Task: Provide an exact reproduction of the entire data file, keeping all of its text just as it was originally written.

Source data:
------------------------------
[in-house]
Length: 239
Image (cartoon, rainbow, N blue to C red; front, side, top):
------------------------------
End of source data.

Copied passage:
[in-house]
Length: 239
Image (cartoon, rainbow, N blue to C red; front, side, top):